Arsenic has recently become a concern for many groundwater users in Idaho. In 2001, the U.S. Environmental Protection Agency (EPA) reduced the primary drinking water standard for total arsenic (AS) from 50 micrograms per liter (µg/L) to 10 µg/L. Beginning January 23, 2006 public water systems must comply with the new standard.
Arsenic is naturally found in the earth’s crust. Trace amounts are also found in plants and animals. The majority of industrially used arsenic is found in wood preservatives. Arsenic is also used in some pesticides. Sources of Arsenic in Idaho’s groundwater include mining wastes, industrial wastes, and arsenical pesticides.
Long-term exposure arsenic in drinking water increase the risk of cancer of the bladder, lungs, skin, kidneys, nasal passages, liver and prostate. It has also been linked to such things as cardiovascular disease, diabetes, anemia, and skin damages. Health risks increase with higher doses and longer exposure periods.
Click the image thumbnails to view the areas of concern for arsenic in Idaho:
Nitrate is an oxidized form of nitrogen that typically comes from inorganic fertilizers, decaying organic matter, wastewater from commercial operations, animal manure, and human sewage. Only rarely does nitrate originate from geologic formations. It is an odorless, colorless, and tasteless compound. It is highly mobile in water and can cause health problems if it enters drinking water.
The EPA has set a maximum contaminant level (MCL) for nitrate in public drinking water of 10 mg/L. IDWR considers groundwater nitrate levels above 2 mg/L to be impacted.
|Low End||< 0.5 to 1.99 mg/L|
|Impacted||2 to 10 mg/L|
|Exceeds Drinking Water Standard||> 10 mg/L|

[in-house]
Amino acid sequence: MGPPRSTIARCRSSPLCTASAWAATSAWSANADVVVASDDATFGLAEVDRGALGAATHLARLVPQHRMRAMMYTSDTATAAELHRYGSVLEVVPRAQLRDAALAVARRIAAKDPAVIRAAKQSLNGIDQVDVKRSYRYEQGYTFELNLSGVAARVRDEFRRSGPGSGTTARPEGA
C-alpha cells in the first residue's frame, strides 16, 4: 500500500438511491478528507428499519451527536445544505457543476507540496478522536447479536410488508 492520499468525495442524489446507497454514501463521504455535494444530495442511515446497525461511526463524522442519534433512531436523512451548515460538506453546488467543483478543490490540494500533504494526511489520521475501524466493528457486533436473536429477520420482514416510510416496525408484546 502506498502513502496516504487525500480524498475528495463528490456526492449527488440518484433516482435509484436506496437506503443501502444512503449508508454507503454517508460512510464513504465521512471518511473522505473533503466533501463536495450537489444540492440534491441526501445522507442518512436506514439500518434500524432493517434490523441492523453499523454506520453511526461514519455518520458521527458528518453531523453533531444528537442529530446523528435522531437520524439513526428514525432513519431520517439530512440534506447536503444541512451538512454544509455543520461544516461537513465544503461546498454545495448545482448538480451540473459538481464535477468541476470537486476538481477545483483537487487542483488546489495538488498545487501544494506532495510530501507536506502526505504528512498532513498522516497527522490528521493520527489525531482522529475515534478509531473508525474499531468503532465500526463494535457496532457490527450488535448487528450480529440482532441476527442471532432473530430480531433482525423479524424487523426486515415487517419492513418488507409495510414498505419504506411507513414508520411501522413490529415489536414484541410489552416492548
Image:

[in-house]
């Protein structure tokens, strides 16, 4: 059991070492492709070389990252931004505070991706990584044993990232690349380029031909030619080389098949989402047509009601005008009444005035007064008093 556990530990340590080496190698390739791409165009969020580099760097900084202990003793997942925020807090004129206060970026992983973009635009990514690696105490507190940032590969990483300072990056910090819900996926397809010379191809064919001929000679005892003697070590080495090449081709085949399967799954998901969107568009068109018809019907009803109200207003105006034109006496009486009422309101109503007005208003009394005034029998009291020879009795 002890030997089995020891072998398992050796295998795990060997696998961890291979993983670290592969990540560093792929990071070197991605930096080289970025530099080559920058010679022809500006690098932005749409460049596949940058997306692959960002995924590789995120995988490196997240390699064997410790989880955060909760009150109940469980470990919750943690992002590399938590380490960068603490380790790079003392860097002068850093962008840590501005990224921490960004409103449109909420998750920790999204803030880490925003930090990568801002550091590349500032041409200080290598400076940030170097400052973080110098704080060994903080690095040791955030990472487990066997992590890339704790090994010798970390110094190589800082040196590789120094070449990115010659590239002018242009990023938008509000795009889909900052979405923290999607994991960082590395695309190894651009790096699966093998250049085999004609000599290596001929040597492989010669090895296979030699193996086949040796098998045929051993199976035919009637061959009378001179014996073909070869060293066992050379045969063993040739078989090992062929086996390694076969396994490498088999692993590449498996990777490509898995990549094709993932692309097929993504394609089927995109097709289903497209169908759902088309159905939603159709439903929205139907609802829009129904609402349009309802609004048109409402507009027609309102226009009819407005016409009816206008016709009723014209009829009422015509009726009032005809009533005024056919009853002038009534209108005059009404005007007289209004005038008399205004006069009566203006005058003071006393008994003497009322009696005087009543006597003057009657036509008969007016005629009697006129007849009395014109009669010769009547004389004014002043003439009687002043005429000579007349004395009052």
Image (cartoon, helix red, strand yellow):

The health risk of nitrate include Blue Baby Syndrome—an oxygen deficiency that can induce illness and death in infants. Those at risk include babies less than 6 months old and pregnant women. Health officials recommend that water with greater than 10 mg/L nitrate not be used for drinking, cooking, or formula preparation for infants under six months and for pregnant women.
Effective methods of treating water for nitrate include:
- Reverse Osmosis: Nitrate is removed by forcing water through a membrane.
- Distillation: Water is purified by capturing the steam of boiled water and condensing it. Nitrate is left behind when the water turns to vapor.
- Ion Exchange: Nitrate ions are exchanged for another ion.
In 1995, 100 sites were selected to be sampled annually (sample collection at one site was discontinued in 2000). Of the annual sites, 27 sites showed evidence of nitrate increases and 16 sites had nitrate decreases. The following graph is an example of trends in nitrate concentrations at Annual Sites.
Based on the nitrate study information from 1990-2004, nitrate has impacted groundwater quality in many places in Idaho: